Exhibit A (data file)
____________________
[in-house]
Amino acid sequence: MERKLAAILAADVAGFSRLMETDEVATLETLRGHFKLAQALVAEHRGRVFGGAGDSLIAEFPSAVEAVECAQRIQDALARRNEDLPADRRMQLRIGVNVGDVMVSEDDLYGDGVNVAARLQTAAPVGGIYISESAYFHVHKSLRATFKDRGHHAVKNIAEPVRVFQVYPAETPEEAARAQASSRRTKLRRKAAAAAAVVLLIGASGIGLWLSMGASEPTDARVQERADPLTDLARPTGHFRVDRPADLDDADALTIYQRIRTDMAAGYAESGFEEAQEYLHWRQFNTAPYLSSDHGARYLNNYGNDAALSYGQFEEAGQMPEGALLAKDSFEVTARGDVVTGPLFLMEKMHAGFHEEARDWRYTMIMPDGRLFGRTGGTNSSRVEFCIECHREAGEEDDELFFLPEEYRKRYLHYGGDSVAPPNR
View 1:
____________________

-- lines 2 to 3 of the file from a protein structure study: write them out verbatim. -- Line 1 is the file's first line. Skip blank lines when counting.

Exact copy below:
Amino acid sequence: MERKLAAILAADVAGFSRLMETDEVATLETLRGHFKLAQALVAEHRGRVFGGAGDSLIAEFPSAVEAVECAQRIQDALARRNEDLPADRRMQLRIGVNVGDVMVSEDDLYGDGVNVAARLQTAAPVGGIYISESAYFHVHKSLRATFKDRGHHAVKNIAEPVRVFQVYPAETPEEAARAQASSRRTKLRRKAAAAAAVVLLIGASGIGLWLSMGASEPTDARVQERADPLTDLARPTGHFRVDRPADLDDADALTIYQRIRTDMAAGYAESGFEEAQEYLHWRQFNTAPYLSSDHGARYLNNYGNDAALSYGQFEEAGQMPEGALLAKDSFEVTARGDVVTGPLFLMEKMHAGFHEEARDWRYTMIMPDGRLFGRTGGTNSSRVEFCIECHREAGEEDDELFFLPEEYRKRYLHYGGDSVAPPNR
View 1: